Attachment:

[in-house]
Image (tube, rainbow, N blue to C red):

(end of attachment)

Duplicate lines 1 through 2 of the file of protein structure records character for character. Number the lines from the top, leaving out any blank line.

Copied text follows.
[in-house]
Image (tube, rainbow, N blue to C red):